Commentary

So-called “libertarian” group endorses religious right’s pro-discrimination law

It’s bad enough that North Carolina elected officials are enshrining discrimination and ignorance in state law today at the behest of the theocratic far right, but now comes word that the inhabitants of the John Locke Foundation — an group that likes to fancy itself as “libertarian” and that has long bragged that it stays away from divisive “social issues” like reproductive freedom and LGBT equality — has cast aside all pretense and is now on board with the scheme.

Today, the Locke people distributed an essay about the subject of the special session in which the author endorsed striking down the Charlotte nondiscrimination ordinance because it constitutes an assault on property rights. We are not making this up. This is from today’s Locke Foundation “Economics and Environment Update”:

“What is overlooked is that the the primary targets of this ordinance are privately owned businesses that offer bathrooms or other facilities — possibly showers in the case of fitness centers — for their customers’ convenience. The decision of how to structure access to these bathrooms may, for some, be based on their religious beliefs.  For many others it is a secular business decision. Their goal is customer satisfaction driven by the desire to make a profit and earn a living.  The property that they use is privately owned, the investments that they make come from private funds, and those who reap the rewards or suffer the losses are private entrepreneurs. The bathrooms in their establishments are part of the product that they provide.

In a free society based on property rights and free markets, as all free societies must be, a privately owned business would have the right to decide whether or not it wants separate bathrooms strictly for men and women biologically defined, bathrooms for men and women subjectively or psychologically defined, completely gender neutral bathrooms with no labels on the doors, or no bathrooms at all.“(Emphasis supplied.)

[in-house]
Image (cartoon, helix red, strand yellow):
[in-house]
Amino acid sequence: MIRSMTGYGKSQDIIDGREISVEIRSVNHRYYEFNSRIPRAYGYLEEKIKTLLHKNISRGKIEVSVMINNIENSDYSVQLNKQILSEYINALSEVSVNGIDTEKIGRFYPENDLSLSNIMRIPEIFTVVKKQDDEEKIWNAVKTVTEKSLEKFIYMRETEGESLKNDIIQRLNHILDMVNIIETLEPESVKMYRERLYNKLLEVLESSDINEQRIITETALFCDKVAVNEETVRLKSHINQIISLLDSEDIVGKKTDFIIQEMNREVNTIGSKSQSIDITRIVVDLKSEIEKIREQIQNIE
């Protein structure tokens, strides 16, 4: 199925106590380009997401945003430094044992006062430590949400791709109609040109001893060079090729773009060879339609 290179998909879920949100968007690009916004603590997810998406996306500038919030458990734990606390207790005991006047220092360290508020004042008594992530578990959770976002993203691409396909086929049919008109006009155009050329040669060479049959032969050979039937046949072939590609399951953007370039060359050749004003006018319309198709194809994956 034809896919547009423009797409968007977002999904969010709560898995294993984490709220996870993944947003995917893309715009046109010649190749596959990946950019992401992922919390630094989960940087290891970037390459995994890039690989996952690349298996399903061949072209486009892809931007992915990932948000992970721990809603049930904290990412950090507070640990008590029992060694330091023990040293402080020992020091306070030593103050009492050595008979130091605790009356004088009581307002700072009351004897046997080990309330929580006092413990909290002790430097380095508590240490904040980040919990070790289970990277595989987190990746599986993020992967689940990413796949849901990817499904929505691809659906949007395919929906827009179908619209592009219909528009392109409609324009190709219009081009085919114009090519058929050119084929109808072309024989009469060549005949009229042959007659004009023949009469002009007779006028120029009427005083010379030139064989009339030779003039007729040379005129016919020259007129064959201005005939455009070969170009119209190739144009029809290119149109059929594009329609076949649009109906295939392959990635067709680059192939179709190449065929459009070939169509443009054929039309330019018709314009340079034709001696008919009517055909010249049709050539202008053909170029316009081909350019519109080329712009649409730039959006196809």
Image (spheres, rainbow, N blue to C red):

Did you get that and the implications of where the author is headed? According to the Locke people, all of those 20th Century civil rights laws and Supreme Court decisions outlawing discrimination in public accommodations were a monstrous overreach and an infringement on that most holy of all things in life: private property rights. By the “logic,” employed in this essay, this is how that last paragraph would read if the troubled souls in Locke Land had the guts to fully admit in public what they really mean:

“In a free society based on property rights and free markets, as all free societies must be, a privately owned business would have the right to decide whether or not it wants separate bathrooms strictly for WHITE PEOPLE AND PEOPLE OF COLOR biologically defined, bathrooms for WHITE PEOPLE AND PEOPLE OF COLOR subjectively or psychologically defined, completely RACE NEUTRAL bathrooms with no labels on the doors, or no bathrooms at all.”

To which, all a caring and thinking person can say in reply is: Well, at least everyone now knows where things stand and where the people driving policy in our state really want to take us.

Commentary

Pat McCrory, Tim Moore, Phil Berger, Dan Forest: Not smarter than a sixth grader

As the post below indicates, North Carolina’s elected leaders will take the latest step in their five-year-long crusade to make our state a symbol of discrimination and exclusion (not to mention a national laughingstock) tomorrow when they call a special session to pick on transgender people. It is an act of such transparent ignorance and ill will that even a child can see through it.

Proof of this can be found in today’s edition of Raleigh’s News & Observer in which a sixth grader from Durham deftly puts all of these hypocritical old men in their place. Here is Joanna de Andrade’s essay: “McCrory’s hypocrisy unfair to transgender students.”

“One of my best friends is transgender. At our school, the policy for bathrooms as it is across Durham Public Schools is that students who are transgender use the teacher bathroom. But this is an issue at many schools due to the lack of teacher bathrooms on all floors of the school.